So, I’m going to try something here. For reasons outside of my control, I really enjoy the Ardennes classics. For reasons outside of my control, I wasn’t able to watch a single one of them this season (hey, keepers of pro cycling: I have shit to do on Wednesday mornings, get your scheduling together). But, unfortunately, I am tasked with writing a Winners and Losers column for a sequence of races that I didn’t get to watch.
Now, this has the potential to be the easiest task in the world. The winners were indeed Mathieu Van Der Poel, Julian Alaphilippe and Jakob Fuglsang and the losers were literally everyone else, and that should be the self-referential end of the column. But I do have to my advantage highlight reels, results sheets and a list of personal expectations and VDS-hopes-and-dreams that are a mile long, and that affords me the opportunity to overthink about who met, exceeded and ignored those expectations and what all this means moving forward. So here are, carefully abiding by the laws of symmetry, the Winners and Losers from the results sheets.
Winner: Jakob Fuglsang
It does seem like this guy is riding out of his shoes this season. He is everywhere and everywhere he is he is a threat to win. After winning Ruta Del Sol, he nearly managed Strade Bianche, followed by a couple of one-week top fives and stage wins, before coming into the Ardennes week. I have to admit, these never really felt like the types of races he’d do especially well at, but he continued his combative ways with two podia. It took a little bit of muscle and tactics to finally touch the top step, but he did it at the monument in Liege. If he can do this well at the races that maybe aren’t his cup of tea (or maybe I’ve got his cup of tea wrong), I’m anxious to see what he does with a grand tour this season. We’ll see in July.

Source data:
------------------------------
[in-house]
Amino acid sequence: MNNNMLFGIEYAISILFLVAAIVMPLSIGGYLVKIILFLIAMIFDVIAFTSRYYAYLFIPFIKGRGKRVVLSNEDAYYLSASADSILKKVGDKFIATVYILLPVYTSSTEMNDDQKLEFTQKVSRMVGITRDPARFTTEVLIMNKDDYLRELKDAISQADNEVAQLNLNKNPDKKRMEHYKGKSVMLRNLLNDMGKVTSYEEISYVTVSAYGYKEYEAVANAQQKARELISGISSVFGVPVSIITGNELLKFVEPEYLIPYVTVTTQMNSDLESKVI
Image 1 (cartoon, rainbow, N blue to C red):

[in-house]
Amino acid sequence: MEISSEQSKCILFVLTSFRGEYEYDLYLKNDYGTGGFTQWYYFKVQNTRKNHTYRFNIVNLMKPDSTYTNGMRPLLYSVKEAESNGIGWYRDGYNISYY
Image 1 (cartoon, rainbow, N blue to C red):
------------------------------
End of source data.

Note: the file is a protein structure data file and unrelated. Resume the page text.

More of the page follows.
Loser: Michal Kwiatkowski
I expected a lot more out of him. The Ineos classics guy, built for these types of races, failed to crack the top 10 in the three races he suited up for. If it weren’t for Wout Poels’s 10th at LBL, Sky would have failed to crack the top 10 in a sequence of races you might expect multiple podia. After a 3rd place finish at Milan-San Remo you sort of anticipated this could be a promising spring for him, but other than a 3rd place in Paris-Nice, he’s been pretty anonymous.
Winner: Mathieu Van Der Poel
There’s really not very much I can add to the tonnage of copy on the legend of MVDP. I want to be skeptical, but he’s leaving me with very little to work with on that front. He won both Brabantse Pijl and Amstel Gold, which is all he showed up for, so he is literally undefeated over the timeframe I’m analyzing. There’s really not many more criteria you can meet to be considered a winner.
Loser: Michael Matthews